Cong rules, but BJP makes a killing via donations

The Congress may have been wielding power at the Centre since 2004 but it appears that the corporate houses and business establishments preferred Opposition Bharatiya Janata Party (BJP) for donating money during United Progressive Alliance regimes, if one were to go by analysis by two private election watchdogs.

The BJP received the maximum donations of Rs 192.47 crore from 1,334 donors from corporate or business sector between 2004-05 and 2011-12,  while the Congress lagged behind at Rs 172.25 crore, which it collected from 418 donors, the study by Association for Democratic Reforms (ADR) and National Election Watch (NEW) said.

The five national parties—the Congress, BJP, Nationalist Congress Party, CPI and the CPM— got Rs 378.89 crore during the period from corporates while the sixth national party, Bahujan Samaj Party, claimed that it received no voluntary contribution above Rs 20,000 from any donor between 2004-05 and 2011-12.

The donations from corporate and business houses form 87 per cent of the total contribution from known sources of parties. Parties do not need to declare the source if the donation is below Rs 20,000. For the Congress, the General Electoral Trust of the Aditya Birla group donated the maximum Rs 36.41 crore, followed by Torrent Power Rs 11.85 crore and Bharti Electoral Trust of Bharti group Rs 11 crore.

Birla's electoral trust also donated Rs 26.57 crore to BJP, the highest for the party, followed by Torrent Power Rs 13 crore and Asianet V Holding Rs 10 crore. The Sharad Pawar-led NCP got Rs 1 crore each from Ambuja Cement, Hindustan Construction Co and Infina Finance.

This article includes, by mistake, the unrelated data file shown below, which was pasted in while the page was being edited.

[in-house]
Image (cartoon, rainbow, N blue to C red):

Big corporates and business houses appear to have no inclination to donate to CPI as its 11 donors included Nawa Karnataka Publications, four bank officers associations and a housing cooperative group. It received a meagre Rs 11 lakh during the last eight years as donations.

The CPM was a shade better as it got Rs 1.78 crore from 108 donors, which were identified under corporate/business houses, but like its Left ally, many of them were trade unions or officers’ associations.

Citing the Supreme Court judgment that no part of candidate's affidavit should be left blank, the ADR and NEW have demanded that similar provisions should be made to ensure that political parties provide all details regarding donations above Rs 20,000 in the prescribed form.

It also demanded that parties, which do not submit its donation statement to the Election Commission before October 31 every year, should be penalised and its income should not be tax-exempt. Only the Congress and CPM have submitted the details of donations they received during 2012-13 to the Election Commission.

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